Indeed, Treasuries are not selling well abroad. In the first seven months of this year, total foreign holdings of U.S. government bonds were virtually stagnant. No wonder the Federal Reserve is purchasing $45 billion worth of Treasury securities every month that the rest of the world seems unwilling to buy.
That is a good example of how much Washington's current drama is a high-risk game for a country which needs to import this year an estimated $500 billion worth of foreign savings, and whose currency is still trusted enough to account for 61.9 percent of world reserves.That trust is precious.
(Read more: US Treasurys extend losses after supply)
Sadly, though, it is in increasingly short supply. The dollar share of world reserves has declined sharply from its most recent peak of 71.5 percent in 2001, indicating a steady erosion of confidence in the greenback as a transaction currency and a store of value.
Searching for "safe haven" alternatives, world central banks have even been accumulating growing amounts of Australian and Canadian dollars.
Clearly, what the French call America's "exorbitant privilege" – paying its bills with a currency it prints at will – won't last much longer if confidence is lost in America's ability to run sound money and a stable economy.
A replay of the massive loss of confidence in the U.S. dollar during several episodes in the 1970s and early 1980s could be devastating for the slowly convalescing U.S. economy.
(Read more: Bipartisan back pay bill passes, but shutdown goes on)
That experience had shown that credible and sustained interest rate increases were the only way to stabilize the sinking dollar. The consequences of something like that happening now are too dire to contemplate.
Too far-fetched? I hope so.
But it is clear that for much of the world that Washington's political stunts have dealt a severe blow to the credibility of American political governance.
When prestigious conservative media of some of our closest European allies run headlines that "America is politically bankrupt," or that Washington's "self-destruction" inspires "ridicule… concern… pity" – it's time to take notice.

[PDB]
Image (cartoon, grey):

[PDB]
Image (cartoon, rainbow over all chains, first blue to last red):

Here is one more European example of what Washington has done to the country's image: rumors have been reported in the media that the European Commission was ready to pay for the trip of American trade negotiators to Brussels to discuss the trans-Atlantic free trade agreement next week. Luckily, that trip, too, was cancelled.
(Read more: Europe stocks close higher; US deadlock drags)
I don't know whether, and much less when, the Republicans will be able to extract enough concessions to emasculate the Affordable Care Act (a comprehensive healthcare program known as Obamacare) to end the government shutdown, but it is heartening to hear that their leadership won't allow a bankruptcy of the United States.
It is also not clear whether, and when, the American people will summon the president and the Fed to take charge of the country and the economy. But one thing is certain: It is time for the Fed to stop debasing the dollar, and to go back to the Clinton era mantra of "a strong dollar is in America's national interest."
Otherwise, I am sure we can count on those friends and allies in the Asia-Pacific to accelerate their dollar dumping. And, who knows, they may even start a general trend.
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Michael Ivanovitch is president of MSI Global, a New York-based economic research company. He also served as a senior economist at the OECD in Paris, international economist at the Federal Reserve Bank of New York and taught economics at Columbia.